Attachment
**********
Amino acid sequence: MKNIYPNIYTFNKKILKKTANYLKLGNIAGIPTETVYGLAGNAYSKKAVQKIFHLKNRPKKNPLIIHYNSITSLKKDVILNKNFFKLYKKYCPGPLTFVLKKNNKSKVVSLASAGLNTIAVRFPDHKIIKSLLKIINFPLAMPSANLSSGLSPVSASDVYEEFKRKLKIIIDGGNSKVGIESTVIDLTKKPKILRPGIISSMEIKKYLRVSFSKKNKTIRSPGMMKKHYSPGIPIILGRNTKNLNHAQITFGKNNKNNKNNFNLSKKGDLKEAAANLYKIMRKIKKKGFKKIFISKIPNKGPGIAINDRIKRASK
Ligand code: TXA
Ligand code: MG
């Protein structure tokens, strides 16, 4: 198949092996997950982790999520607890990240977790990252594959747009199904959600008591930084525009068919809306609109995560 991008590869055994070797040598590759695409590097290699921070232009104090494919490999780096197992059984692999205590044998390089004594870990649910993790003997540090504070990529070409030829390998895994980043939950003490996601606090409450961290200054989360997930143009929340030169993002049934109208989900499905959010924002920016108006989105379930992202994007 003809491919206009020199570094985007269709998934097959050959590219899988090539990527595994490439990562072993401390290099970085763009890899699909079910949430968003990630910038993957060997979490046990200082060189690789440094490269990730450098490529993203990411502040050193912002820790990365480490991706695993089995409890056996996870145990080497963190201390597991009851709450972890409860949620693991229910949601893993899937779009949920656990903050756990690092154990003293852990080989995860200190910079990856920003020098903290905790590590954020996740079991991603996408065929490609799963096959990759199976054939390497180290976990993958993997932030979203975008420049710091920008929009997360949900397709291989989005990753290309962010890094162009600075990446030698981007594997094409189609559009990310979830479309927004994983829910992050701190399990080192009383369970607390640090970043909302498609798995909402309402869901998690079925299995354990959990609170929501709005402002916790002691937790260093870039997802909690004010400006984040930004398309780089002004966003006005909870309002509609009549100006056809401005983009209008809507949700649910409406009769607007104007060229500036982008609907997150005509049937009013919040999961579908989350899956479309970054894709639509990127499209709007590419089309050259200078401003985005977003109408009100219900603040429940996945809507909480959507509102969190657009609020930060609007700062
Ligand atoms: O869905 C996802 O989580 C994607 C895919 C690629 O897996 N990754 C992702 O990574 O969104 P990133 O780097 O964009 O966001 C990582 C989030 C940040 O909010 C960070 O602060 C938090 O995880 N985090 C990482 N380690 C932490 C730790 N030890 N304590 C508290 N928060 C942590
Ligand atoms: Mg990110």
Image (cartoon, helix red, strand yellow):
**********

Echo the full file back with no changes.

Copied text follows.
Amino acid sequence: MKNIYPNIYTFNKKILKKTANYLKLGNIAGIPTETVYGLAGNAYSKKAVQKIFHLKNRPKKNPLIIHYNSITSLKKDVILNKNFFKLYKKYCPGPLTFVLKKNNKSKVVSLASAGLNTIAVRFPDHKIIKSLLKIINFPLAMPSANLSSGLSPVSASDVYEEFKRKLKIIIDGGNSKVGIESTVIDLTKKPKILRPGIISSMEIKKYLRVSFSKKNKTIRSPGMMKKHYSPGIPIILGRNTKNLNHAQITFGKNNKNNKNNFNLSKKGDLKEAAANLYKIMRKIKKKGFKKIFISKIPNKGPGIAINDRIKRASK
Ligand code: TXA
Ligand code: MG
């Protein structure tokens, strides 16, 4: 198949092996997950982790999520607890990240977790990252594959747009199904959600008591930084525009068919809306609109995560 991008590869055994070797040598590759695409590097290699921070232009104090494919490999780096197992059984692999205590044998390089004594870990649910993790003997540090504070990529070409030829390998895994980043939950003490996601606090409450961290200054989360997930143009929340030169993002049934109208989900499905959010924002920016108006989105379930992202994007 003809491919206009020199570094985007269709998934097959050959590219899988090539990527595994490439990562072993401390290099970085763009890899699909079910949430968003990630910038993957060997979490046990200082060189690789440094490269990730450098490529993203990411502040050193912002820790990365480490991706695993089995409890056996996870145990080497963190201390597991009851709450972890409860949620693991229910949601893993899937779009949920656990903050756990690092154990003293852990080989995860200190910079990856920003020098903290905790590590954020996740079991991603996408065929490609799963096959990759199976054939390497180290976990993958993997932030979203975008420049710091920008929009997360949900397709291989989005990753290309962010890094162009600075990446030698981007594997094409189609559009990310979830479309927004994983829910992050701190399990080192009383369970607390640090970043909302498609798995909402309402869901998690079925299995354990959990609170929501709005402002916790002691937790260093870039997802909690004010400006984040930004398309780089002004966003006005909870309002509609009549100006056809401005983009209008809507949700649910409406009769607007104007060229500036982008609907997150005509049937009013919040999961579908989350899956479309970054894709639509990127499209709007590419089309050259200078401003985005977003109408009100219900603040429940996945809507909480959507509102969190657009609020930060609007700062
Ligand atoms: O869905 C996802 O989580 C994607 C895919 C690629 O897996 N990754 C992702 O990574 O969104 P990133 O780097 O964009 O966001 C990582 C989030 C940040 O909010 C960070 O602060 C938090 O995880 N985090 C990482 N380690 C932490 C730790 N030890 N304590 C508290 N928060 C942590
Ligand atoms: Mg990110």
Image (cartoon, helix red, strand yellow):